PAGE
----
• St. John's wort (Hypericum perforatum),
  • Valerian (Valeriana officinalis),
  • American cranberry (Vaccinium macrocarpon),
  • Black cumin (Nigella sativa),
  • Kava or kava-kava (Piper methysticum),
  • Saffron (Crocus sativus),
  • Asian ginseng (Panax ginseng),
  • Boswellia papyrifera,
  • European wine vine (Vitis vinifera),
  • Gastrodia elata,
  • Green tea (Camellia sinensis),
  • Evening primrose (Oenothera biennis),
  • MS14 [ref. 13] - Iranian herbal-marine mixture consisting of 90% Penaeus latisculatus (shrimp type), 5% celery (Apium graveolens) and 5% St. John'swort (Hypericum perforatum),
  • Cannabis (Cannabis sativa).

Details of their action read in the article: 17 affordable herbs to help sufferers of multiple sclerosis [ref.14].

 

References:

  1. Research on recurrent-remitting multiple sclerosis
  2. Clinical trials of ofatumumab for the treatment of multiple sclerosis
  3. Novartis ofatumumab demonstrates superiority versus Aubagio® in two head-to-head Phase III multiple sclerosis studies. www.novartis.com
  4. Maintenance of natalizumab during the first trimester of pregnancy in active multiple sclerosis. Multiple sclerosis (Houndmills, Basingstoke, England). 2020
  5. European Biotechs Showcase Multiple Sclerosis Treatments in Stockholm. www.labiotech.eu
  6. Canadian Bone Marrow Transplantation (BMT) Trial. mssociety.ca
  7. Publications by Antonio Uchelli
  8. Latest MS Research News. Update: Preliminary Results of the Mesenchymal Stem Cell Study for the Treatment of Multiple Sclerosis ECTRIMS 2019. mssociety.ca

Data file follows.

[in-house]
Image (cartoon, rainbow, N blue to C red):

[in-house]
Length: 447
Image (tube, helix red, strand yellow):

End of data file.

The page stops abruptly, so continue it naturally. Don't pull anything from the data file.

9. New treatment for MS recommended in Europe. www.digitaljournal.com
  10. Scientific publications on syponimod
  11. https://ghr.nlm.nih.gov/condition/multiple-sclerosis#
  12. A Review of Herbal Therapy in Multiple Sclerosis. Adv Pharm Bull. 2018
  13. MS14, an Iranian Herbal-Marine Compound for the Treatment of Multiple Sclerosis. Chin J Integr Med. 2010
  14. In English: 17 affordable herbs to help sufferers of multiple sclerosis

 

The author:

👩 🔬 Rositsa Tashkova-Kacharova has a Bachelor degree in Molecular Biology and a Master's degree in Microbiology and Microbiological Control. She completed her Master's thesis at the University of Nantes, France. At that time she painted a Christmas tree of bacteria and inspired the announcement of the first competition for drawing with microorganisms Agar Art. For 3 years she was the editor of the journal Bulgarian Science and continues to write about science and medicine.